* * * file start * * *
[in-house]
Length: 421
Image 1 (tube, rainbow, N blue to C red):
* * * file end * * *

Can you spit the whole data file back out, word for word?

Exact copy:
[in-house]
Length: 421
Image 1 (tube, rainbow, N blue to C red):